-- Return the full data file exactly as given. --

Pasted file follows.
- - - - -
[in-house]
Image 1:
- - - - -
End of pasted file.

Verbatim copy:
[in-house]
Image 1: